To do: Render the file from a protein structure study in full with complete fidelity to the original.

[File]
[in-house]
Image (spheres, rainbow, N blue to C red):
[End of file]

[in-house]
Image (spheres, rainbow, N blue to C red):